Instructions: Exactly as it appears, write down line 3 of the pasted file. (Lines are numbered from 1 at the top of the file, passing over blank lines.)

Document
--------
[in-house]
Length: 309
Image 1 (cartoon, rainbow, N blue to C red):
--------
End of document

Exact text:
Image 1 (cartoon, rainbow, N blue to C red):